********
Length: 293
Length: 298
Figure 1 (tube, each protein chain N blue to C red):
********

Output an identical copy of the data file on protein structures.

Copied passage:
Length: 293
Length: 298
Figure 1 (tube, each protein chain N blue to C red):